Beer and Pavement

DIY

Posted in Manifesto by SM on January 19, 2010

DIY. Do it yourself.

This is a sentiment that has had a long, slow growth over the past couple of decades. While mainly a hippie thing in the sixties and early seventies, punks (and not just the mohawked, rocker types) have adopted the DIY ethic as their own. Creating their own music, style and politic.

DIY has manifested itself in nearly every industry or craft. It’s spread beyond economies and has seeped into our daily lives. We build meat cart beds, sew our own clothes, build our own web presence without giving any real money to giant corporations making these products for us. Sure, the end results are often rough around the edges, but that’s what gives our things, our lives character.

In no other industry or craft has DIY had a greater effect than indie rock and craft beer.

Yesterday’s garage band playing the prom is today’s Lollapalooza headliner. These bands have moved from cheap cassette tapes of their songs to small runs of 7″ vinyl to full albums available online and created on their MacBooks. They didn’t like what the mass producers were mass producing, so they made their own. Some of it good, a lot of it unlistenable, but all of it original.

Take Pavement, for example. A couple of college kids from Stockton, CA decide they want to record some songs and put it to vinyl. A scary hippie with a makeshift recording studio and an uncanny ability to not keep a beat helps them out and you have Slay Tracks. The rest is history. Had SM and Spiral Stairs (pseudonyms) never worked up the nerve to record their own songs, Pitchfork would have nothing to pine over this year.

And Pavement is just a small piece of the indie-DIY puzzle. They sounded like they were doing it themselves (good thing). I haven’t even mentioned Sonic Youth making their own path through the major labels when so many 80’s indie bands had failed. Those old codgers even rebuild their own instruments. Folks at Merge (as well as countless other indies) started a record label just to release records by themselves and their friends. Indie rock is littered with DIY success stories.

Beer had a similar rise. About the same time punk rock was blowing up – making way for the hardcore and indie movements – Jimmy Carter signed a bill into law declaring homebrewing legal. No other development has had more of an impact on the beer market than this one bill. Soon after, a dude named Maytag brewed some steam beers in San Francisco and another guy started a brewery in Chico, CA. Charlie Papazian founded the Association of Brewers. It all took off from there.

It’s this DIY attitude that provides all the innovation for both of these trades to flourish. In the midst of these economically hard times, indie labels and craft brewers are a few of the folks still making money. Major labels have been losing money for almost two decades. The big mega-breweries are experiencing something they never thought breweries would feel: a pinch from a down economy. Folks are willing to pay good money for quality music on vinyl or extremely hoppy imperial IPA’s or sour beers brewed in wine barrels.

Instead of waiting for someone to make something they liked, these indie rockers and craft brewers did it for themselves. And they’re finding that other people wanted the same things they did. So, they’re able to make a living doing what they love.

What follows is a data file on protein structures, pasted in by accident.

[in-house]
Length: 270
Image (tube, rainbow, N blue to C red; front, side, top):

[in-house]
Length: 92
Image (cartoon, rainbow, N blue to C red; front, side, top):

Even I’ve done some things for myself. I can’t play an instrument and I didn’t have the capital to front a label, but I’ve done what I can to promote and support these DIY bands. Even better, I’ve taken up homebrewing in the last year. Three out of four batches made it to bottles. The first was drinkable; the second was a huge success; and the third gets better every time I try it. These things and various DIY projects litter my life with meaning and accomplishment.

By trade, I’m a teacher. There is maybe no other profession that uses DIY as much as teaching in public schools. There is often nothing in the way of appropriate materials available on a daily basis. We make our own. Now with all this Web 2.0 stuff, we really make our own all over the place.

The point of celebrating the DIY ethic is to call attention to the capabilities we all hold inside. We can do and make whatever we want or need. There is no more waiting for governmental or private enterprises to make what we want. We have to do it for ourselves.

So, build your meat cart bed. Learn to knit. Take a guitar lesson. Plant a garden. Do it for yourself. Don’t wait for someone else. “Yes we can” was not just a campaign slogan. Believe in it. Believe that you can do it for yourself.

This is just the first in a series on my manifesto for life. I feel most strongly about DIY. You should too. Let me know what you plan to do or are doing that fits the DIY lifestyle.

(*Note: This is not some lame-ass hipster, holier-than-thou diatribe. You should really give this a try.)

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2 Responses

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  1. doublewordscore said, on January 19, 2010 at 9:18 pm

    My DIY resolution this year (and probably next) is making a book. If Dan Brown can do it…

  2. partoftheprecipitate said, on January 21, 2010 at 11:57 pm

    I have a lot of DI(my) goals this year as well. I took up knitting for the hell of it, I’m already a super-canner. I’d like to learn to play an instrument and I’m hoping to improve some gardening beds. It seems like it’s so late in my life to get back into these very basic things that my parents knew and did. It just wasn’t a priority until now.


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